Cyclone Irina and the Water of Life

We were in Durban last week on the day that the coastal city experienced the edge of Cyclone Irina.  We drove down in the morning and found our normal route through the city blocked due to flooding.  A taxi trying to drive through the water had been washed off the road into a ditch.  We took the long way round.

Jen was visiting her Mom, and I was sent off to find a coffee shop for a couple of hours writing.  It’s a tough job being a writer, but I’m willing.  I settled into a corner of the Musgrave Centre.  The lower level of the centre was flooded, and shop owners were wading through water in shorts and bare feet rescuing what they could and sweeping out the water.

Water!  Such a gift when it is in the right place and the right time and the right quantity.  Huge volumes are useful when running a hydroelectric scheme.  A somewhat smaller volume coursing through pipes is critical to the running of our kitchens, bathrooms and domestic appliances.  But containing the flow inside the pipes is important.  We have had experience of a burst pipe between the tap and the washing machine.  It certainly cleans the carpets, but the damage puts it way up on the “not to be recommended” list.

In our well-regulated and carefully-choreographed city-dwelling lives, we are not used to being at the mercy of the elements.  Months of dumping rubbish from pockets and car windows (“someone will pick it up”) wreaks havoc in the form of blocked drains and lifted manhole covers.

The analogies to the Christian faith are many and varied.  Am I a conduit for the water of life, or am I blocking the flow?  Do I bring refreshment to dry and dusty lives or do I wreak havoc with an uncaring, unfocused spraying of good tidings to all and sundry?

The ministry of Jesus was extremely focused.  His death and resurrection was for everyone, of course, and God’s love is for all.  But that love was not sprayed around the deserts of Israel as if from a burst pipe or a flooded river.  For one who had so little time and a whole world to save, how could Jesus stop by a well in Samaria, take time out for a wedding in Cana, or touch a leper on the side of the road?  But he did.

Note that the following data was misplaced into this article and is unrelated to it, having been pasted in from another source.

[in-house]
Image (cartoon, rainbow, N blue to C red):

Floods happen; burst pipes are a reality of modern living, but they are not the norm. Five thousand people are fed, and another 4,000, but that was more a question of Jesus dealing with people and situations as they presented themselves.  When a flood happens we deal with it, but we don’t go looking for it.  Love’s way, it seems, is to reach out to neighbour, stranger and friend struggling with pain and thirst, unloved and unwanted, displaced and disempowered.

Large groups are so much easier, less personal and require minimal engagement.  I was at an outside table at the foot of a busy escalator. How simple it would have been to stand in the middle of the concourse with a Bible in one hand and a loudhailer in the other, proclaiming God’s love or the end of the world.  Perhaps among the crowds there would be someone who needed to hear such a message proclaimed like that.  But each member of the ever-moving throng is an individual who is loved by God.  And the message that Jesus lived and proclaimed is that God cares about each and every one.  Each of us, in our uniqueness and in the complexities of our smaller or larger communities, is loved, and has a place in the family and in the plans of God.  That message, more often than not, is best conveyed through a cup of water rather than a hosepipe or a raging flood.

We must, of course, spend time focused on the source of the life-giving water, but we must also focus on where it is needed, who is to receive it and how best to get it there.

Lord, you give us the water of life,
And what a gift for our dry and dusty lives.
W
e hold on to it;
We nurture it, protect it, and enjoy it.

But your life reminds us that it is not the water that matters.
The water is given to create and nourish friendships;
To bring healing and hope to 
our neighbours and strangers and friends.
It is they who are the gifts you ask us to nurture, protect and enjoy.

As we open our hearts and lives to those around us
so the water of life begins to flow among us.
Dry and dusty lives are watered, and thirsts are quenched;
Deep wounds are cleansed, and broken lives made whole.

Lord, there are strangers in this place.
Is that because I am a stranger too?
Teach me the way of friendship.

Advertisements

2 Comments

Filed under Community, Odds & Ends

2 responses to “Cyclone Irina and the Water of Life

  1. Norma

    We must pray to be conduits of living water to everyone about us and not stagnant pools holding everything to ourselves. We must not pick and choose to whom the living water is given, but be led by the Holy Spirit.
    Jen must take you out more often and leave you in coffee shops. Keep writing.
    Mum

    Like

Join the discussion; leave a comment

Fill in your details below or click an icon to log in:

WordPress.com Logo

You are commenting using your WordPress.com account. Log Out / Change )

Twitter picture

You are commenting using your Twitter account. Log Out / Change )

Facebook photo

You are commenting using your Facebook account. Log Out / Change )

Google+ photo

You are commenting using your Google+ account. Log Out / Change )

Connecting to %s